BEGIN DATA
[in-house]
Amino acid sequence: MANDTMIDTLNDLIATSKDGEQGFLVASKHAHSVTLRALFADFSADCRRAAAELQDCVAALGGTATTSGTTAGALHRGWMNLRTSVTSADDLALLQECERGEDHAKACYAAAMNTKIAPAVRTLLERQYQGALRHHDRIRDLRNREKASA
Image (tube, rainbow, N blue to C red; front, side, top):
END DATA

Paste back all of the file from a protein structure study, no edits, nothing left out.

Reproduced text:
[in-house]
Amino acid sequence: MANDTMIDTLNDLIATSKDGEQGFLVASKHAHSVTLRALFADFSADCRRAAAELQDCVAALGGTATTSGTTAGALHRGWMNLRTSVTSADDLALLQECERGEDHAKACYAAAMNTKIAPAVRTLLERQYQGALRHHDRIRDLRNREKASA
Image (tube, rainbow, N blue to C red; front, side, top):